Bank of Canada
The Bank of Canada (BoC) is the country’s central bank, a financial institution that provides banking services on behalf of the federal government. Its operations include four principal functions: to manage the country’s money supply; to act as the federal government’s agent in issuing its bonds and managing its holdings of foreign currencies; to manage various monetary policies that can influence the performance of the economy, such as interest rates; and to manage the overall financial industry in Canada and economic relations with other countries and international organizations. The Bank of Canada’s headquarters are in Ottawa.
There are three principal ways the BoC fulfills its functions: interest rates, money supply and moral suasion.
Interest rates are the cost of holding money. Interest is either earned by the lender or paid by the borrower and determines how much in loans can be afforded by individuals and businesses. Interest rates are in large part determined by the BoC because it is the principle lender of money to chartered banks and other lenders (see Credit Unions). The interest rate charged to the country’s banks for borrowing from the BoC is called the bank rate. This bank rate can be changed by the BoC at any time. Changes to the bank rate are passed on by the chartered banks and other lenders to individual and business borrowers in the rates they are charged to borrow. For example, if the bank rate is decreased by the BoC, chartered banks can lower the interest rate they charge their borrowers, who then tend to borrow more. As a result, economic activity picks up. If the BoC increases the bank rate, the chartered banks charge more for loans, and individuals tend to borrow less.
Interest Rates also influence the Canadian dollar exchange rate. Generally, if the bank rate is increased, more foreign investors wish to purchase Canadian investments, thereby driving up the demand for the Canadian dollar and raising its value relative to other currencies, and vice versa (see Foreign Investment).
The BoC can change the supply of printed money and credit in the economy. To increase the money supply, the BoC buys federal government bonds from individuals and investors in the marketplace. This increased supply of money can be used to buy more goods and services, thereby increasing economic activity. The increased economic activity can cause prices to rise, which is called inflation (see Consumer Price Index). This process also works in reverse, and the fall in prices is called deflation. The BoC regularly publishes statistics detailing the supply of money in the economy (see Monetary Policy).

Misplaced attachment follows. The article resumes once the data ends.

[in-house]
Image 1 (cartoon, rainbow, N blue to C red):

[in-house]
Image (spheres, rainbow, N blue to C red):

The BoC is responsible for the design, production and distribution of Canadian banknotes. The design, production and distribution of coins is the responsibility of the Royal Canadian Mint, a crown corporation.
As a manager of the banking industry, the BoC can put pressure on the chartered banks to adjust their banking policies. For example, in the mid-1950s, the BoC was concerned about the significant increase in consumer borrowing to purchase new hard goods (e.g., washing machines, televisions and cars) and its effect on inflation. In order to slow down inflation, the BoC pressured the banks to tighten lending to consumers and finance companies. More recently, the BoC has expressed concern to the banks about over-heating housing prices and household debt levels in the country (see Real Estate in Canada). This type of pressure is called moral suasion and it is accomplished through both public and private means, in which the BoC persuades the financial industry to move in a certain direction. The BoC publishes extensive economic research to back up its policies.
History of the Bank of Canada
Canada did not always have a central bank. As the Canadian financial system developed in the 19th century, and before any significant banking crisis arose, a central bank was not deemed necessary. Instead, the largest bank in the country, the Bank of Montreal, acted as the federal government’s unofficial bank. To supervise the banks, force change when needed, and encourage the banks to limit their risk-taking and to operate prudently, the federal government instituted 10-year review periods in the Bank Act (enacted in 1871). The Act governed the banks’ operations and the re-chartering of the individual banks (revised to every five years in 1992). Each bank issued its own paper money, or currency, that was exchangeable between the banks.